The National Education Union (NEU) is concerned about the effect of Covid-19 on Black people and our members, pupils, parents and communities. The NEU has issued general advice on ensuring safety for staff at greater risk.
The substantial disparities facing Black people, even when taking into account matters of age, sex, other health conditions and the impact of living in more deprived areas, are highlighted in reports from Public Health England and the Office for National Statistics.
The disproportionate impact on Black people from Covid-19 is not fully understood, but it is known that occupational patterns, poverty rates and health inequalities which in the view of the NEU, arise from structural racism, are contributory factors. Further, Black staff are often less able to raise concerns within workplaces, because of the stereotypes and prejudice they face.
The DfE has confirmed to the NEU that “schools should be especially sensitive” to the needs and concerns of Black staff, parents and pupils. This advice should be followed in all schools and colleges.
- Black members of staff have a heightened risk of serious injury or death from Covid-19 infection.
- Black children and young adults may not have a similarly heightened risk, but they live in homes and within communities that do and may infect the more vulnerable members in their communities (e.g. older relatives).
This advice for NEU Black members is intended to help ensure that the individual risks of working in school to you as a Black person are properly assessed. It can also be used by NEU reps who want to ensure that risk assessments have been conducted properly.
Legal obligations to staff
Your employer, whether a local authority, trust or governing body, has the legal duty under the Management of Health and Safety at Work Regulations 1999 to ensure that a suitable and sufficient risk assessment is undertaken in relation to the risks of operating during the continuing Covid-19 pandemic. Staff availability needs to be considered as part of the employer’s overall risk assessment with regard to whether the school can open safely.
All risk assessments must be tailored to each unique workplace. Given the known greater risks of Covid-19 to specific groups, especially older workers and Black workers, the risk assessment must also consider any further increased risk to the staff member due to those factors. It is also vital risk assessments consider and mitigate against risks to pupil and staff mental well-being.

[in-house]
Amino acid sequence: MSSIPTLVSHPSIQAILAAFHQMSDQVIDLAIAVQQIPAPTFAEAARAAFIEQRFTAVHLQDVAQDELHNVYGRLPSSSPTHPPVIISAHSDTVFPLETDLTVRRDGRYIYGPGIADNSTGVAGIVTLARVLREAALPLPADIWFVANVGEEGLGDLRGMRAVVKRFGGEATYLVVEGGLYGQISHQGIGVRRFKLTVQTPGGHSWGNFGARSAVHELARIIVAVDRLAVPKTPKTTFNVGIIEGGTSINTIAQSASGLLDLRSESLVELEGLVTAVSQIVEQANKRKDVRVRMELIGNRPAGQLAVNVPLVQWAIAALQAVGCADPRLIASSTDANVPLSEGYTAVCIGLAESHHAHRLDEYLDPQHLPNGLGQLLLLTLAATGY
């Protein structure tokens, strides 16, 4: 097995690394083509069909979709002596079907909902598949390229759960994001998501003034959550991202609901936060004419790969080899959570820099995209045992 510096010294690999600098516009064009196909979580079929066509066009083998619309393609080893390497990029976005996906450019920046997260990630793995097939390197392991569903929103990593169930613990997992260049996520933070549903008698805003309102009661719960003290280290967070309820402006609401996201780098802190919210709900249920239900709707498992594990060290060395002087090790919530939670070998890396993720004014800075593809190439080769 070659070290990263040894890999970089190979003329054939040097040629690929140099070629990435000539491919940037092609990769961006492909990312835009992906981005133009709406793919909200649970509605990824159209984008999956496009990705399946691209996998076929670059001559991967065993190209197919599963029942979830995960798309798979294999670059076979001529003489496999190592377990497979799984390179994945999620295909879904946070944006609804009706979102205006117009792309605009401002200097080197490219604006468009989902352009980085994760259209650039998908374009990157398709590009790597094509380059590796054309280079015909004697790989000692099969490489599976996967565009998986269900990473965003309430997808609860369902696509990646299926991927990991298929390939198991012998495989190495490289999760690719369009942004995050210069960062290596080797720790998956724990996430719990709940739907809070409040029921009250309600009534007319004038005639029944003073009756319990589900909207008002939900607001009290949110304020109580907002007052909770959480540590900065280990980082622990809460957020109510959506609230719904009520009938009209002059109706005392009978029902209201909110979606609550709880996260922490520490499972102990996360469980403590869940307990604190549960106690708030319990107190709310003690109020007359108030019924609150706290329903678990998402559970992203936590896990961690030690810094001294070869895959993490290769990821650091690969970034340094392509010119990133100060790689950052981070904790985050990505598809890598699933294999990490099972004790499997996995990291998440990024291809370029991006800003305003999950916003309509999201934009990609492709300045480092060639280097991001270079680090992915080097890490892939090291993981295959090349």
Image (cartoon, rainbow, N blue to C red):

Governing bodies and local authorities also have a public sector equality duty to eliminate discrimination and avoid policies and practices which have a disproportionate adverse impact on Black students and staff. Employers' risk assessments must therefore be carried out in ways which avoid such an impact on Black staff.
To support your negotiating around risk assessments, it is essential to read the NEU’s Ensuring Safety for Staff at Greater Risk which includes a risk reduction framework.
Please also use the NEU checklists for primary, secondary and special schools. The risks to school communities vary based on local factors such as the rate of infection. NEU members need to use the NEU checklists to negotiate collectively with their employer about safety for their particular school.
It is important to maintain the necessary distinction between the role of the employer and that of the union. As a union rep or safety rep it is not your role to undertake a risk assessment for your school or college, nor should you be ‘signing off’ a risk assessment – that remains the employer’s responsibility.
Advice on the risk to Black workers
Risks are compounded where individuals are at higher risk for a combination of reasons. The degree to which you are individually at risk is affected most significantly by your underlying health; but it is also affected very significantly by your age and also by other circumstances.
The recent PHE report shows the differentials according to ethnic group. People of Bangladeshi ethnicity have around twice the risk of death when compared to people of White British ethnicity. People of Chinese, Indian, Pakistani, Other Asian, Caribbean and Other Black ethnicity have between 10 and 50% higher risk of death when compared to White British.